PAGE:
Alternatively, Swift could allow implementing a non-mutating protocol method as a mutating method in the implementor. Currently, this doesn't seem to be allowed; Swift doesn't recognize the mutating method as a match for the non-mutating protocol method.

Cheers,
Dan
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swift-evolution@swift.org
https://lists.swift.org/mailman/listinfo/swift-evolution


(Adrian Kashivskyy) #4

I agree with Radek, -1 on this.

Pozdrawiam – Regards,
Adrian Kashivskyy

···

Wiadomość napisana przez Radosław Pietruszewski via swift-evolution <swift-evolution@swift.org> w dniu 11.03.2016, o godz. 12:26:

Would it make sense to allow mutable properties in structs, which could be mutated even by non-mutating methods?

This would break the whole mutability model of structs. The whole idea is: structs are always immutable, and you can mark things as “mutable”, but this can only happen if a struct is assigned to a mutable variable.

— Radek

On 11 Mar 2016, at 11:38, Dan Raviv via swift-evolution <swift-evolution@swift.org> wrote:

Would it make sense to allow mutable properties in structs, which could be mutated even by non-mutating methods?

I've noticed this could be useful when implementing a non-mutating protocol method. The method semantically doesn't change the state of the protocol's implementor, and therefore shouldn't be declared as mutating. However, *some* implementations might need to change some internal state for implementing the functionality. Making specific struct properties mutable for such a case could make sense.

Alternatively, Swift could allow implementing a non-mutating protocol method as a mutating method in the implementor. Currently, this doesn't seem to be allowed; Swift doesn't recognize the mutating method as a match for the non-mutating protocol method.

Cheers,
Dan
_______________________________________________
swift-evolution mailing list
swift-evolution@swift.org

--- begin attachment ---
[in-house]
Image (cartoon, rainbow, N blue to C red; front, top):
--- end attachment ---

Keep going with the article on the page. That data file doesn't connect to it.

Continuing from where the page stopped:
https://lists.swift.org/mailman/listinfo/swift-evolution

_______________________________________________
swift-evolution mailing list
swift-evolution@swift.org
https://lists.swift.org/mailman/listinfo/swift-evolution


(Charles Constant) #5

In general, I like things the way they are.

The only exception to this is that it would be nice occasionally to have an
easy way to make mutable computed property.

For example, to allow "array.first" or "array.last" to be mutable.

I have a feeling this would be difficult to implement (i.e.: most of Swift
is designed to pass values and structs as copies, so within your getter if
you as much as "var tempA = a" you ave a copy). Having said that, I have
had occasions where not being able to do so has annoyed me.


(Charles Constant) #6

... just to clarify my last comment.

Maybe "array.first" and "array.last" is a bad example, since it was
probably a design choice to make them "read only"

Here's a contrived example of what sometimes irritates me:

*struct Foo {*
* var point = CGPoint( x:0, y:0 )*
* var prop: CGPoint {*
* return self.point*
* }*
*}*

*var foo = Foo()*

*foo.prop.x = 10 // illegal*

When I'm writing something like this, it does make me wish I could tell the
compiler to send "prop" by reference. If I'm just creating the getter as a
convenience to find the correct property (like .first) it's a bit of a drag
to fill out the setter side also.


(Charles Constant) #7

What I would find ideal is to keep everything else the same, but add:

struct Foo {
var point = CGPoint( x:0, y:0 )
*inout* prop: CGPoint {
return *&*self.point
}
}

var foo = Foo()

foo.prop.x = 10